As you can see in the screenshot above, WordPress converts the symbols “<” and “>” into their HTML code equivalents (called ASCII characters).
- “<” (open angled bracket) = “<“
- “>” (closed angled bracket) = “>“
To preserve the symbols “<” and “>” intact and ensure that your text will format correctly, you need to paste your code in the Text Editor …
Now … when you publish your post, you should find that your text has been formatted correctly …
Tip #4 (Advanced WordPress User): By default, WordPress does not allow some HTML tags to be used (e.g. codes such as embed, input and others). This is for security reasons.
If you do experience any problems when adding common HTML tags to your content that are allowed to be used in WordPress, try disabling the visual editor in your user profile section …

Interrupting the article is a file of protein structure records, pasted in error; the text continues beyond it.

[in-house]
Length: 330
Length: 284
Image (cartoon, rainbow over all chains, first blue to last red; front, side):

After disabling the visual editor and updating your profile settings, return to your post or page and reinsert the content with the problematic HTML tags, then republish your post.
If the above suggestion fixes the issue, return to the User Profile, reactivate your Visual Editor, and see if the HTML code is still working fine with the visual editor restored.
Note: If the above suggestion does not fix the issue and you continue experiencing problems adding HTML code to your site, then you should look at other options. This may include:
- Asking someone with experience troubleshooting WordPress errors to help you
- Searching the WordPress Support Forum or WordPress troubleshooting resources for possible causes and solutions
- Reinstalling your WordPress application (i.e. performing a new WP installation)
- Contacting your web host for assistance
Congratulations! Now you know the basics of using HTML to format and style your content.
"Wow! I never knew there's so much to learn about WordPress! I bought one of the WordPress for Dummies three years ago, such authors need to be on this course!" - Rich Law, Create A Blog Now